Habitation Renovation - Edsall Street by Ritz&Ghougassian
The Armadillo & Co Series
Malvern, VIC, Australia
Edsall Street by Ritz&Ghougassian takes habitation as its primary focus, from which emerges an architectural language that, in turn, influences form.
Yet to the casual observer, Edsall Street would appear to be defined first and foremost by its form. A minimalist combination of cream masonry blockwork and timber-batten screening, Edsall Street presents an almost fortress-like facade, juxtaposed against the dainty white Victorian cottage that originally occupied the site in the leafy Melbourne suburb of Malvern.
Directors Gilad Ritz and Jean-Paul Ghougassian explain, however, that “form is not our primary goal. We’re not interested in an objectified envelope – it’s about creating volume and space that nurtures the inhabitant, resulting in an experience internally and externally.” Considered through this lens, Edsall Street’s minimalist form can be understood as the outcome of a rigorous process of reduction, in which each element is stripped back to only that which is most essential to the architects’ intention for the building as spaces designed for habitation.
Edsall Street presents an almost fortress-like facade.
Edsall Street is the home of hospitality entrepreneur Julian Moussi and his wife Kirsty-Lea, with whom Ritz&Ghougassian had worked on several cafes, including most recently Bentwood in Fitzroy North. This long working relationship led to an extremely trusting and open brief when the time came to design the home for Julien and Kirsty-Lea. Nonetheless, compared to working on a hospitality project, Julien says “with our house, it was a lot more emotional. In a cafe, once the operational requirements are ticked off Gil and Jean-Paul have free reign. With your home, though, every detail and finish is considered.”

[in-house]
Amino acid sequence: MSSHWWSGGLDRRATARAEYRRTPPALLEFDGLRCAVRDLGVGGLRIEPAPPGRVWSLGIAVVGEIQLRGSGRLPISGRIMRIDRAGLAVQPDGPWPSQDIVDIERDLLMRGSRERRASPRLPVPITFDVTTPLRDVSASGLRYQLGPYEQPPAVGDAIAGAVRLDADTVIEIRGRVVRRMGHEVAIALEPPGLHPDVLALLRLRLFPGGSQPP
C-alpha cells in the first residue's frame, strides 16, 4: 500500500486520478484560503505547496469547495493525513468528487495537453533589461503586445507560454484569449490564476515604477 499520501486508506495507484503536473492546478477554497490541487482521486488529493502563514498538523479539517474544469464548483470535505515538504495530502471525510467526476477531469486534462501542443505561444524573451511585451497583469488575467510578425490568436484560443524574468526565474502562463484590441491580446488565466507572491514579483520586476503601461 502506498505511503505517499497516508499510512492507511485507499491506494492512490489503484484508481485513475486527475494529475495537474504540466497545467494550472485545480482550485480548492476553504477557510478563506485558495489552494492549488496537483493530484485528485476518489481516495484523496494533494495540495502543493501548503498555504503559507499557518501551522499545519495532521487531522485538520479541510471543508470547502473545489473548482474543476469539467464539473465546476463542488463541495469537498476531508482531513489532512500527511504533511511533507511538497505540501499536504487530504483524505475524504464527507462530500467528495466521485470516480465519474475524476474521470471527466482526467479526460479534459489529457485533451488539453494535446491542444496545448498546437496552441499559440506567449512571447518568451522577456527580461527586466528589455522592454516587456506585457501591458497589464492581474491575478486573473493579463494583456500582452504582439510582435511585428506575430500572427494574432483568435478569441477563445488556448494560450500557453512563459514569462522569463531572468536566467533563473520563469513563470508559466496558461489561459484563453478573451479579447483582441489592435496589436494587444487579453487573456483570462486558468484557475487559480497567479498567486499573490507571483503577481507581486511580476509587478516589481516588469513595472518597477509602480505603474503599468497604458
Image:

This focus on detail is reflected in the architects’ approach, which sees an emphasis on exposing the building’s tectonics and which relies upon the meticulous execution of the finest of details. “I find myself staring at details in the house quite often, as I really appreciate how difficult some of them were to achieve,” says Julien. For Ritz&Ghougassian, it is a natural progression of their emphasis on stripping back the design so as to not disguise the building’s construction. “It requires a higher level of attention from the builder, but gives a truth and timelessness to the project because everything is on display,” says Jean-Paul.
“It’s about creating volume and space that nurtures the inhabitant, resulting in an experience internally and externally.”
This level of reduction informs the material palette, with walls constructed from exposed masonry highlighting the materiality of concrete and the texture of the blocks creating a subtle repetition that speaks to the process by which the walls are built, brick by brick. “It’s about modularity and repetition,” says Gil, “and the texture of the blocks is beautiful. It’s highlighted when light shines across, and they weather fantastically well, gaining a beautiful patina with time.”